British Sugar warns late drilling could hit sugar beet yields

Sugar beet processor British Sugar is warning the delay in drilling of this spring’s crop due to the wet weather could affect yields, with the planned crop area seen similar to the previous year.

Cold, wet weather has meant drilling only really started after Easter, and just the lightest land has been sown as growers eagerly await drier weather which is forecast for this week.

“Looking ahead, there has been a good take-up by growers of sugar beet contracts for 2018-19, the area contracted is in line with 2017-18, but delays experienced in drilling the new crop may affect yields this year,” the group said.

See also:  Video: Sugar beet drilling starts as growers play catch-up

The group also trimmed its forecast of the 2017 harvest to 1.37m tonnes of sugar from a previous estimate of 1.38m tonnes, but this is still well ahead of the previous year’s crop of 900,000t.

The record overall harvest was in 2014, when the group produced 1.45m tonnes of sugar from 116,000ha.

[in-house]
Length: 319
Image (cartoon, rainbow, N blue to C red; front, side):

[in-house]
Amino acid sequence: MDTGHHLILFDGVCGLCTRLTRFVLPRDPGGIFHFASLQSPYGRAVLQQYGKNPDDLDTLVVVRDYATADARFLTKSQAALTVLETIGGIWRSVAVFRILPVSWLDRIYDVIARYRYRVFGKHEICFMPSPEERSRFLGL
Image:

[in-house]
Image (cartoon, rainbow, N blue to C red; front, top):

Record yields 

The group has also reported record yields from the 2017 harvest of 83.4t/ha beating 2014’s previous yield of 79.8t/ha. Some 8.9m tonnes of beet were processed from 3,500 growers by British Sugar from more than 105,000ha of beet grown in 2017, producing the 1.37m tonnes of sugar.

The sugar beet harvesting campaign closed just before Easter when British Sugar’s  four plants – Cantley and Wissington in Norfolk, Bury St Edmunds in Suffolk and Newark in Nottinghamshire – stopped receiving any more beet.

British Sugar made its comments as its parent company Associated British Foods reported a 1% rise in half-year adjusted pretax profits to £628m for the 24-week period to 3 March.